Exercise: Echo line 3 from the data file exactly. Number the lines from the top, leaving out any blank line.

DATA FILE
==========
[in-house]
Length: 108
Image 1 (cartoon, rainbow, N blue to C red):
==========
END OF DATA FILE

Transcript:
Image 1 (cartoon, rainbow, N blue to C red):